In comparison, land just off the reservation requires about $125, 15 minutes, and a 5-step process for approval.
In a world run by capitalism, this means the land is “dead capital.” Because it’s held in trust, few people see it as a lucrative investment. Furthermore, since no individual owns it outright, it can’t be used as collateral for a loan or as an investment of wealth.
In reality, reservations do not offer true sovereignty and self-determination, but paternalism. They are a fraudulent attempt to assuage the guilt of a country built on the genocide and pillaging of other peoples.
What we need to realize is that fighting for the rights of the Sioux at Standing Rock is also fighting for the rights of every person.
The dispute at Standing Rock is not only a fight over treaty rights; it’s a fight over human rights for everyone in this country. And more than just a singular battle in the never-ending war between justice and exploitation, it’s an allegory for the continued shift in power away from the people towards corporations.
In theory, all Native Americans deserve, at the very least, what the wildly unfair treaties promised: self-government, cultural agency and independence, and the protection of natural resources and basic services such as health care and education. In actuality, the recognition and fulfillment of these rights are up to the whims of the federal government. To this day, despite the Supreme Court ruling that the federal government is contractually bound to provide healthcare, the budget comes out of the President’s Discretionary Funds. Obama’s attempts to change funding to a mandatory status have been blocked year after year.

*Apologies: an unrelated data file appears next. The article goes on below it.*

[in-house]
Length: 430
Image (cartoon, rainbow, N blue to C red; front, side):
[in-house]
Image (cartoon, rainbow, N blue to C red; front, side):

Similarly, in theory, we all deserve law enforcement that protects individuals and maintains a peaceful society. In actuality, the rights to security and safety all too often fall prey to racism, militarism, and officers on a power-kick.
Many of the folks at Standing Rock prefer to be called “water protectors,” not protestors. As Irene Yeh, a water protector recalls, “From a hilltop, I saw groups of police officers with batons, some with rifles, armored vehicles, a tank, a helicopter droning overhead… The protectors had agreed to cooperate with police demands… That’s when a line of officers encircled the group… they began to grab people, hitting some with batons and pushing them to the ground, spraying mace and punching one protector in the face. The protectors were just standing there, calm and unarmed.”
Unfortunately we are all too familiar with this sort of brutality. It’s the unchecked power that too often escalates to the murder of people of color all over the country. It’s the result of a police force that has been requested to respect our rights instead of demanding it of them.
And finally, in theory we deserve an environment, places to live, that are clean and healthy. In actuality corporations plunder and pollute, only pausing to consider environmental impact when it suits their interests.
We must stand up in outrage as the Standing Rock water protectors and their supporters are doing now because protest is the only reliable means of protecting the rights of the Great Sioux Nation. In a world where human rights are seen as a request, not an obligation, it is the only way to ensure that we all get the rights that we deserve.